Monday, June 25, 2012

Summer 2012 Reading List

I wish I could remember the name of the instructor I had for my Survey of American Literature course at Metro State. It was the fall of 1996. I was a young man then. What I remember of the course is this: the ratio of female to male students was amazing. By amazing, I mean that out of the twenty of us, three were male. This was how I would have wanted to see the whole world at that stage of my life. I had just turned twenty-four; you can imagine my mindset.

There was something else that was odd about that class. There were a few literature majors in that twenty. Almost all of the students were education majors. And of the lit majors, I recall being the only writer.

One day we were discussing John Steinbeck's “The Chrysanthemums.” Then, as now, I greatly admire John Steinbeck. The discussion was moving to a very mid-1990s, feminist slant. It was an interesting argument, this I remember. When it came my turn to speak, I simply mentioned that the flowers, the scissors and the roles of the characters really had very little to do with the climate of the story. The story was not allegory for allegory sake. The words are a record of California, dead days as a comparison of the Ford and the burro drawn wagon. And if anything, the story is about the evolution of life in the California countryside. I was met with angry words, my classmates thought I was diminishing important social observations and overlooking a level of misogynistic preludes in the text. When I furthered verbalized my thoughts, I came to this: “John Steinbeck is probably the greatest writer that America has ever had.” Before I was to be eaten alive, our instructor (I wish I could remember her name) saved me. She said: “Anthony comes from a different world view. Anthony is a writer and Steinbeck is a writer's writer.” And with that, it ended.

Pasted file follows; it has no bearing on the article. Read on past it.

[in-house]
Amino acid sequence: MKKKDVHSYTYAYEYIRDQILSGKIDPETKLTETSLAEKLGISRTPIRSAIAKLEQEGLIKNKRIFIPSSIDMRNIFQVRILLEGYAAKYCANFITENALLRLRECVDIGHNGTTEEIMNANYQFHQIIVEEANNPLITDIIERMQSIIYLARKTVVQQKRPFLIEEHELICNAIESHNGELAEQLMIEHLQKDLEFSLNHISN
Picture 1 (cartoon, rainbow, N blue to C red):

When it came time in that survey course for Henry James I learned to keep my mouth shut. Henry James was popular with my classmates. I hated having to read it. In fact, I learned to hate Henry James. In a private conference with the instructor, I voiced my venomous opinion about this particular writer. All she said was this, “Anthony, wait until you're forty to read James. I bet it won't make much sense to you until your'e forty.” Okay, so she released me from further reading of Henry James for years. I would not be required to read any more Henry James for fourteen years.

I turn forty in August.

Henry James? Well, if anything, it's time.

As the summer reading list develops, I know I must have some diversion from some Henry James, but I know I have to keep to the agreement made so many years ago. So here it is:

Henry James The Beast in the Jungle
Kazuo Ishiguro The Remains of the Day
Antonio Skarmeta The Postman
Pablo Neruda Poetry
Lemony Snicket (don't laugh, I love it)
Henry James The Turn of the Screw
Kazuo Ishiguro A Pale View of Hills

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